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Where Did All the Silent Films Go?: Tales of Fire, Destruction and Deterioration

Silent films have become a frequent topic around here. Recently, we even talked about the lost films that have been found this year, even though 75% of the silent films are lost. We keep making reference to all these silent films being gone, but what happened to them? Many were destroyed deliberately and others deteriorated, but the vast majority can be attributed to what all the films were made of. To understand properly why the films were gone, you need to know that specific fact.

The answer boils down simple to one thing: nitrate and, specifically, nitrate film. Even before there were motion pictures being made, nitrate was already being used for still frame cameras. The first patent was filed by Hannibal Goodwin, a priest, in 1887. During the time in which Goodwin waited for his patent to be filed, Kodak began using the nitrate film in 1889 (Goodwin later won $5 million in a patent infringement lawsuit). It was this type of film that was used dating back in motion pictures as early as Edison’s Kinetoscope.

There is, however, a major problem with using nitrate film: it’s highly flammable. This shouldn’t have come as a surprise given that nitric acid had been used in guncotton, to create an explosion, since the 1830s. As many were to find out, it can catch fire easily and is hard to put out.

Experiments found that even getting the fire of a nitrate film underwater was difficult. This is because nitrate film gets fueled by it’s own oxygen once it’s on fire, which makes it hard to put out and allows it to catch fire quickly. New nitrate films could also catch fire easily, which is what brought about two very deadly fires at movie theaters in Ireland and Scotland. In the case of the one in Ireland, it was started by a nearby candle.

It was these fires throughout the decades that spelled the end for a vast majority of the silent film. Practically each major studio has numerous terrible stories. On the Universal lot, a 1922 electrical fire spread to where the films were stored. It immediately ignited and burned up 185,000 feet of film. Warner Bros suffered a similar fate in 1933.

So many films were lost in the fires because they were all store in similar proximity. A 1937 fire in Fort Lee, NJ wiped out all of the films made by Fox Pictures up to that point– the building contained 48 different vaults filled with films. Fox would later have a couple more fires in the decades to come, and RKO had it’s own vault fire.

The 1967 MGM Vault Fire is perhaps one of the most notable ones. It’s certainly one of the most damaging. The entire vault went up in flames, including some of the most now sought after silent films– London After Midnight, The Divine Woman, Our Gang shorts, and numerous early talkies as well.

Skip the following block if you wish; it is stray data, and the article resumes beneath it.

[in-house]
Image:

In other cases, studios simply threw out the films. Universal notably dumped whatever silent films they had left in the 40s, greatly adding to the number of films now lost.

The ones that survived fires and purposeful destruction still ended up gone in many cases. Once again, the nitrate prints combined with poor storage were to blame. Little did anyone know at the time just how badly nitrate prints decomposed throughout the decades in various stages.

In a good situation, the print only fades and develops an amber color. From there, prints begin to stick together and become brittle. Ones even further along contain gas bubbles and sometimes a poor odor. Up until that stage, there is still a chance the film can be saved, but there are no guarantees that the film will survive the breaking apart due to their brittle nature. Films even worse along might be welded together and covered in froth, eventually breaking down into powder. Films in these later stages cannot be saved and must be safely disposed of.

It was once estimated that the majority of nitrate print films would have decomposed by 2000. Luckily, there are many that have still survived to this day, and new methods in freezing the film have allowed them to be saved for longer periods of time. They must still be carefully preserved, as these older prints can catch fire at 120 degrees F (49 C). And yet, some have managed to last the test of time, like this print of the 1934 version of The Man Who Knew Too Much, which I now own:

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Yes, this is all horrible news but remember the good news from before–many international vaults are still turning up lost films. And when they are found, they are almost immediately preserved. Most of the silent films may be lost, but the ones that are still around are being permanently saved. It’s just a shame that flammable prints stored poorly led to almost all of them disappearing.

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